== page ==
Wednesday, January 28, 2009

More Ponzi schemes come to light

The NY Times reports that with the stock market downturn and Bernie Madoff's arrest, more Ponzi schemes are coming to light as investors try to withdraw their money.

None are as spectacular as Madoff - that guy might not even have been caught if not for the subprime mess.

But one case caught my eye.

And in Florida, not far from the Palm Beach clubs where Mr. Madoff wooed some of his investors, George L. Theodule, a Haitian immigrant and professed “man of God,” promised churchgoers in a Haitian-American community that he could double their money within 90 days.

He accepted only cash, and despite the too-good-to-be-true sales pitch, he found plenty of investors willing to turn over tens of thousands of dollars.

“The offices were beautiful, and I was told it was a limited liability corporation,” said Reggie Roseme, a deliveryman in Wellington, Fla., who lost his entire savings of $35,000 and now faces foreclosure on his home.

According to federal regulators who have accused him of operating a Ponzi scheme, Mr. Theodule bilked thousands of investors of modest means, like Mr. Roseme, out of $23 million in all, and put $4 million in his own pocket. This money helped pay for two luxury vehicles for Mr. Theodule, a wedding, a lavish house in Georgia and a recent trip to Zurich that federal authorities are now investigating. The fate of the other $19 million is still unknown.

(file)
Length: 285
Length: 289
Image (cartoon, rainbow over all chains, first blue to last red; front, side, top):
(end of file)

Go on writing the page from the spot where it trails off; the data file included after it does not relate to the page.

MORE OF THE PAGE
In the South Florida Haitian-American community, Mr. Theodule turned to churches. But his scheme fell apart in November when 40 investors showed up at Mr. Theodule’s office to try to get their money back.

“Theodule had been the king and lived in the community, and then one day he vanished,” said Mr. Roseme, the investor who lost $35,000 in savings.

He described Mr. Theodule as “friendly, someone you could trust, a real positive guy.”

Nerline Horace-Manasse, a 31-year-old Haitian immigrant with six children, saw her life’s savings of $25,000 disappear.

Statements showed her money had grown to $90,000, but when Ms. Manasse asked questions of Mr. Theodule, “he advised he could not tell me where he was putting the money because there were a lot of copycats out there and he’d go out of business.”

Now Ms. Manasse and Mr. Roseme are part of a class-action suit against Mr. Theodule.

Mr. Theodule’s attorney, Matthew N. Thibaut, did not return a call for comment. But in court papers, Mr. Theodule said, “Theodule admits he has told persons that he wants to help build wealth in the Haitian community.”

Close knit communities, especially if they're immigrant and/or racial minority communities, may be especially vulnerable to affinity fraud of various sorts. The people of Detroit, for example, rallied strongly behind the now-disgraced ex-mayor Kwame Kilpatrick for years, even though everyone else knew he was a crook; Detroit is largely African-American, as is Kwame.

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